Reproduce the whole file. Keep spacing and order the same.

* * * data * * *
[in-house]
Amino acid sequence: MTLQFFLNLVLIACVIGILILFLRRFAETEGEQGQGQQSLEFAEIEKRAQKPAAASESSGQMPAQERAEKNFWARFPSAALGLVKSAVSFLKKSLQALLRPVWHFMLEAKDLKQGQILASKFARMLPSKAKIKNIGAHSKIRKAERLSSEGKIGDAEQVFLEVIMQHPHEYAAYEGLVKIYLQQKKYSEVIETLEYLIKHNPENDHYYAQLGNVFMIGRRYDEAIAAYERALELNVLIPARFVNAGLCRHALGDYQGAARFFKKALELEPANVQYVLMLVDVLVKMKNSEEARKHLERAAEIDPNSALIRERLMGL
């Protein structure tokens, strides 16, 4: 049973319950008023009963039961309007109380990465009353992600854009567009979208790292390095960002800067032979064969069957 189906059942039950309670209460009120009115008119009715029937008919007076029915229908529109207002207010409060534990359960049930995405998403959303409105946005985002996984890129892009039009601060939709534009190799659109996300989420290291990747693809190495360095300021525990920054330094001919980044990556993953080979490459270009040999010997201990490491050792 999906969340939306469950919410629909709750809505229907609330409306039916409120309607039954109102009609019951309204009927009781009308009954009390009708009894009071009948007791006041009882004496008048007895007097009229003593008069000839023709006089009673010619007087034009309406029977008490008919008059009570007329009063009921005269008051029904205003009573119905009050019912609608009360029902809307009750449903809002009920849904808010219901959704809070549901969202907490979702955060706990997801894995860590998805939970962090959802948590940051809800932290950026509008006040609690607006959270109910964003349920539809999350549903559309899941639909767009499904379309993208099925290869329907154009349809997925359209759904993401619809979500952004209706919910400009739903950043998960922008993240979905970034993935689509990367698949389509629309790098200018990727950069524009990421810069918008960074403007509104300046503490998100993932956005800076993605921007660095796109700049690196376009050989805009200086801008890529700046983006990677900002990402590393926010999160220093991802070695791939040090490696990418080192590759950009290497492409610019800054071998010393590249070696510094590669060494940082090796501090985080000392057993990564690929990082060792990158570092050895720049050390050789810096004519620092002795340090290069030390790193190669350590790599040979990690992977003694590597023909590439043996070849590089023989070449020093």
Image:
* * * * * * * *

[in-house]
Amino acid sequence: MTLQFFLNLVLIACVIGILILFLRRFAETEGEQGQGQQSLEFAEIEKRAQKPAAASESSGQMPAQERAEKNFWARFPSAALGLVKSAVSFLKKSLQALLRPVWHFMLEAKDLKQGQILASKFARMLPSKAKIKNIGAHSKIRKAERLSSEGKIGDAEQVFLEVIMQHPHEYAAYEGLVKIYLQQKKYSEVIETLEYLIKHNPENDHYYAQLGNVFMIGRRYDEAIAAYERALELNVLIPARFVNAGLCRHALGDYQGAARFFKKALELEPANVQYVLMLVDVLVKMKNSEEARKHLERAAEIDPNSALIRERLMGL
């Protein structure tokens, strides 16, 4: 049973319950008023009963039961309007109380990465009353992600854009567009979208790292390095960002800067032979064969069957 189906059942039950309670209460009120009115008119009715029937008919007076029915229908529109207002207010409060534990359960049930995405998403959303409105946005985002996984890129892009039009601060939709534009190799659109996300989420290291990747693809190495360095300021525990920054330094001919980044990556993953080979490459270009040999010997201990490491050792 999906969340939306469950919410629909709750809505229907609330409306039916409120309607039954109102009609019951309204009927009781009308009954009390009708009894009071009948007791006041009882004496008048007895007097009229003593008069000839023709006089009673010619007087034009309406029977008490008919008059009570007329009063009921005269008051029904205003009573119905009050019912609608009360029902809307009750449903809002009920849904808010219901959704809070549901969202907490979702955060706990997801894995860590998805939970962090959802948590940051809800932290950026509008006040609690607006959270109910964003349920539809999350549903559309899941639909767009499904379309993208099925290869329907154009349809997925359209759904993401619809979500952004209706919910400009739903950043998960922008993240979905970034993935689509990367698949389509629309790098200018990727950069524009990421810069918008960074403007509104300046503490998100993932956005800076993605921007660095796109700049690196376009050989805009200086801008890529700046983006990677900002990402590393926010999160220093991802070695791939040090490696990418080192590759950009290497492409610019800054071998010393590249070696510094590669060494940082090796501090985080000392057993990564690929990082060792990158570092050895720049050390050789810096004519620092002795340090290069030390790193190669350590790599040979990690992977003694590597023909590439043996070849590089023989070449020093």
Image: